What on earth is "reverse engineering" a DVD?

I just read the boilerplate legal warning on one of my DVDs, and I noticed that it included the following “…copying, transmission, public performance, alteration or reverse engineering is strictly prohibited.” What is reverse engineering of a DVD? Aside from the content, there’s nothing propietary on there, right? If the standard wasn’t pulic knowledge, it wouldn’t work. Any ideas?

I wonder if that part is just a CYA (cover your ass) for possible future technology?

Source: http://en.wikipedia.org/wiki/Reverse_engineering

In the case of a DVD, perhaps to find out how the copy protection functions so as to devise a software tool to circumvent it.

The scientists at Area 51 were trying to reverse-engineer the technology in the spaceship discovered at Roswell, until they discovered a small sticker on the underside of the ship prohibiting such activity.

Scientists hate getting sued by aliens.

Reverse-engineering is the process of painstakingly building back the contents of the DVD based on what you observe on it.

For example, one possible hack is to borrow a movie DVD, make very detailed notes of the dialog and scenes, and then go out and find lookalike actors, build look-alike special effects, and shoot an “exact” copy of the movie recorded on the DVD. This allows viewers to have a replica of the movie without paying the $19.99 that it costs in the store. It is obvious why they would want to prohibit this.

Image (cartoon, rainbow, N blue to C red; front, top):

That’s illegal? Damn, there goes my plan to make a bundle by re-creating Heaven’s Gate

In the case of DVDs, I suspect what they really mean is that you’re not allowed to break the encryption and extract the raw video files.

The decryption process is public knowledge to the extent that any DVD player can do it in the process of playing video to a TV. It just happens to be a federal crime to decrypt the data for the purpose of saving the video files or otherwise manipulating them on a computer.

The data on your DVD is encoded according to a proprietary standard designed to make decoding the data very difficult; this is how licensing of DVD reading technology is supposedly enforced. Reverse-engineering this encoding method is specifically what you’re prohibited from doing.

See: http://en.wikipedia.org/wiki/Dvd_jon

Note that while it hasn’t been tested in court (to my knowledge), under the DMCA in the US any reverse-engineering at all is prohibited, regardless of the purpose. Your DVD player can read your DVD’s, but the manufacturer paid for a license to be able to do so. Any attempt to “circumvent” this encoding is considered against provisions in the law.

I have opinions on the issue but this is GQ so I’ll leave it at that.

Not sure that I quite like that definition; reverse engineering doesn’t necessarily involve examining the workings in detail; in fact in many cases, steps are taken to make sure that this doesn’t happen; function is what’s examined/copied, not workings.

I’m pretty sure this is what happened when cloned IBM PCs first hit the market; the BIOS had been built to function in the same way as IBM’s own, but it had been done with great care to insulate the designers from the details of the inner workings; as I understand it, this meant they couldn’t be accused of copying design even if they should happen to stumble upon the same solution.

I should have said this in my post above, but I wasn’t specifically clear on this point: DVD player manufacturers pay for a license to be able to read DVD encoded/CSS encrypted discs. So, it is not intended to be public knowledge at all, although the encryption used is trivially easy to break these days.